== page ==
- Author: Ben Faber
Here's a nice little summary of the predicament California citrus finds itself in now - by David Karp by way of the LA Times.
California farmers and scientists race to combat a citrus disease infecting trees
Mar 29, 2019 | 8:25 a.m. | Riverside
The world's most insidious citrus disease invaded Florida in 2005, wreaking havoc on its iconic groves with stunning speed. After just a decade, virtually every citrus tree in the state was dying or infected.
Then in 2012, the disease — Huanglongbing, commonly known as citrus greening — was discovered in California. It showed up first in a Hacienda Heights backyard, on a pummelo branch derived from budwood that had been smuggled from China, where the disease is epidemic.
The next infected tree wasn't found until 2015, and for two years after that only 81 more turned up. In mid-2017, however, a new sampling method and improved detection technology led to the discovery of far more HLB-positive trees in California: 1,135 as of March 11.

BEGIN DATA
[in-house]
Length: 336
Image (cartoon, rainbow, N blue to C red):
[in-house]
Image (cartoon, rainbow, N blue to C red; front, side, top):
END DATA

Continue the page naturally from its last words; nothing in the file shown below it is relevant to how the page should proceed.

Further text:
Now researchers and farmers are racing to fend off the disease. This month, more than 500 scientists from around the world gathered in Riverside at the sixth International Research Conference on Huanglongbing, meeting in California for the first time. Their findings show that although the disease is spreading rapidly in the Southland and no breakthrough is imminent, a host of new detection methods and strategies could help California avert the kind of disaster that destroyed almost three quarters of Florida's citrus production.
Huanglongbing originated in Asia a century or more ago. It is caused by a bacterium, Candidatus Liberibacter asiaticus, transmitted by a tiny insect, the Asian citrus psyllid, which feeds on young citrus leaves. HLB clogs citrus trees' phloem, a vascular tissue that transports sugar from the leaves; this causes the most symptomatic fruit to become small and bitter, and eventually makes trees unproductive or kills them.
Until now California has avoided painful losses from HLB, but that may be changing.
Photo: Deformed HLB fruit